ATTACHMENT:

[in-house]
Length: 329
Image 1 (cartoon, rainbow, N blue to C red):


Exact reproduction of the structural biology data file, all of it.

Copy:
[in-house]
Length: 329
Image 1 (cartoon, rainbow, N blue to C red):